Physical Job Demands Analysis

A Job Demands Analysis (JDA) or Physical Demands Analysis (PDA) is a detailed, objective description of the physical and psycho-social aspects of a particular job of physical demands.


Demands such as sitting, standing, walking, reaching, bending, and lifting are assigned a frequency rating which is typically documented in a simple checklist to easily see what is required to perform the work. Navisess documents all the tools used for each job, describes the working environment, lists potential hazards, and includes pictures to illustrate common postures.

Unlike an office ergonomics evaluation, there is no assessment of risk and no recommendations to reduce such risk. The JDA/PDA simply documents the demands involved with performing the observed job.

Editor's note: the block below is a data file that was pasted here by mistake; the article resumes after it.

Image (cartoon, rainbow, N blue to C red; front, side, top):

What’s the difference between a JDA and a PDA?
The terms JDA (Job Demands Analysis) and PDA (Physical Demands Analysis) are often used interchangeably. However, a PDA usually looks at the physical demands of the job and doesn’t consider cognitive or psycho-social factors where a JDA may consider these factors.


When is a JDA/PDA required?

Employers and businesses often have a catalog of JDAs/PDAs for each of their job positions. If an injured worker is able to return to work with modified duties the JDA for their job can be consulted to see if any of the job tasks exceed restrictions. Similarly, a JDA can be used to make a determination of whether the injured worker can return to a particular job safely. JDAs can also be used to identify heavy or difficult jobs that may be prioritized for ergonomic improvements or changes in the future. If a job is significantly redesigned or a new job is introduced, a new JDA may be needed.


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